Phonics is the system we use to teach children how to read and write.
During Nursery, or at the beginning of Reception children learn how to listen for sounds in words.
Children hear individual sounds and can blend them together to make a word.
c - a - t 'cat'. We play lots of games to help them with this.
Segmenting is the opposite of blending. The child is able to split up a word they are thinking of into its individual sounds.
eg I'm touching my l-e-g.
How you can help at home
It really helps the children if they are used to hearing and working with these sounds BEFORE they start to use the individual letter shapes (written letters).
At home, you can play I-spy with sounds rather than letter names or play games with puppets or soft toys who speak in this funny way. You could get out some toys. Say the name of a toy by splitting the sounds in the word and then see if your child can pick out the correct toy. Just stick to words of one syllable (eg bird, bed, block, car etc rather than 'computer').
We play games like this at school - see the video below!
It is important that you say the sounds clearly. Click on this link to help.
Moving on - Reception -Y2.
When we introduce letter shapes to go with the sounds we do not do it in alphabetical order. We follow the Department of Education 'Letters and Sounds' programme.
In the beginning the children learn one sound for each letter.
We use 'Jolly Phonics' sounds, actions and songs to help the children remember. Click here to watch a video of all the sounds and actions.
As children move through the phonics programme they learn that sometimes a sound is represented by more than one letter eg. 'igh' makes one sound in n-igh-t.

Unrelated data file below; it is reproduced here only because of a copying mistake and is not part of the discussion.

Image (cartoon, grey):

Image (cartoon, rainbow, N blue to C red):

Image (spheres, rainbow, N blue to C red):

Once the children are familiar with some letter shapes and the sounds they make they can begin to read. It is so helpful if you can share the book your child will bring home. Please continue to read stories to them. If you see a word which you think they can read, pick it out for them, or just enjoy reading and chatting about books and stories.
Unfortunately, in English, there are important words which do not correspond to phonic rules! We call these 'tricky words' and your child will have to learn these ones by sight. They include: the, he, she, me and I.
They also begin to learn that a sound can be represented in different ways.
eg. all these words have the same 'igh' sound but they use different letters to make that sound. When a child is spelling, they need to make the right choice. And this, of course, keeps them busy until Y6!
n-igh-t bite shy kind
Click here to see the Jolly Phonics chart used in reception and letters and sounds chart which we use at school with the Year 1 and 2 children.